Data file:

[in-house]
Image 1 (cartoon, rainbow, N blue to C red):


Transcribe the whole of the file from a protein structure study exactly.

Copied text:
[in-house]
Image 1 (cartoon, rainbow, N blue to C red):